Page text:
The Seven People Pope Benedict XVI Follows On Twitter

Pope Benedict XVI just got a Twitter account—@Pontifex. Finally! And not tweeting a single thing so far has netted His Naziness Holiness well upwards of 100,000 followers. Dat’s alotta Catholics! Or people who find Catholicism funny (overlap: 70%). Since the digital world has been so keen to welcome Benny to their shores, might we check out the seven people he bothered to follow back?

1. @Pontifex_de: This is also the Pope, but in German! Makes sense. That’s where he’s from, we hear.

2. @Pontifex_es: ¡AY CARAMBA! The Pope en español! Again, just the main Pope Twitter feed in a different language, with added soap opera melodrama.

3. @Pontifex_pt: Almost certainly the best thing about this Portuguese version (hello Brazil!) is that here the Pope goes by “Papa Bento.”

4. @Pontifex_pl: The Polish edition, no doubt a tribute to Pope John Paul II. Will presumably have the Pope’s many, many Polish jokes edited out.

5. @Pontifex_it: Does Italy really need this? I thought the Pope just stood out on his balcony with a microphone when he wanted to talk to Italians.

6. @Pontifex_fr: France’s Pope Benoît XVI posts here. No word yet on whether Pope Benedict will excommunicate Benoît for blasphemy, or what this apparent schism means for the church.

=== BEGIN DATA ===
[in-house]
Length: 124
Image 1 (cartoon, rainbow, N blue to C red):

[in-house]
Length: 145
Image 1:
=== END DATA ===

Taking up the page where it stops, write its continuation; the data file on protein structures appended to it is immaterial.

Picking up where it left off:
Follow Miles Klee on Twitter.

The Vatican Cracks Down on Dress Code

Earlier this week, guards at the Vatican revealed themselves to be even more priggish than previously thought by refusing entry to tourists who were “inappropriately” dressed. In the past, visitors to St. Peter’s Basilica have been required to dress a bit modestly, but the Swiss Guards—the Pope’s private army—decided to extend the rules to the entire Vatican City State. Females had to power shop for shawls and scarves from nearby hawkers to cover their shoulders, and men had to throw down some Euros for long trousers.

Dressing demurely at temples in India, we get. Mosques in the Middle East? Done and done. But Vatican City State? Please. As if the Church has always worn a halo. “Given all the scandals the Church has been involved in, what possible right can it have to be preaching about the morality of sleeveless dresses?” said one woman in her seventies, identified only as Maria. Let’s not forget Pope Ratzi failing to act against priests who sexually abuse children — or all those priests. The Vatican City is home to a post office, supermarket, and pharmacy frequented regularly by Romans, who were clearly not happy about the extemporaneous dress code decision.